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ShallowDeep > Parables > Horse

‘The Horse’

The horses galloped at speed around the field, jostling with each other, manes flowing across their shoulders.
         “Out of our way, donkey” they shouted as they swept past.
The donkey stepped back obediently and continued to watch from by the hedge. These were important horses; race horses. The light was starting to fade and the clouds glowed brightly on the horizon.
         “It’s time to go back now,” the donkey called as he turned back through the gate.
He started to trundle down the stony lane that led back to the stables. Moments later the others clattered up behind him.
         “Hurry up Plodding-Donkey.” panted ‘Up-with-the-Joneses’ breathlessly.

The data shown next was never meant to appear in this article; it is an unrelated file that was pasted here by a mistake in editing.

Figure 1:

“Let us go first,” added Silver-Spoon. “Remember your place.”
They all had fancy names, like race horses do. But at least they talked to the donkey. He may not have been important like them, but he’d rather be on the fringe of their social circle than alone.

They soon arrived at the stables. Each door had a brass plaque above it with a horse’s name on. As they passed each horse turned into his own private stable: ‘Proud-Heart’, ‘Silver-Spoon’, ‘Up-With-The-Joneses’, ‘Shame-On-You’, ‘Top-Marks’, ‘Guilt-Trip’.  Finally at the end of the block was the door to an unnamed stable. The donkey had to share with whichever horses were passing through. He trotted in thinking that he would have the place to himself tonight, but to his surprise, at the back of the stable, was a large pure white horse munching on some hay. The donkey gasped! He had never seen a white horse before. It was beautiful. Its legs were long and slender, its muscles perfectly defined, its mane rich and full. Although the stable was dark this new visitor seemed to glow in the half light.
         “I’m sorry,” said the donkey. “I didn’t know you were here.”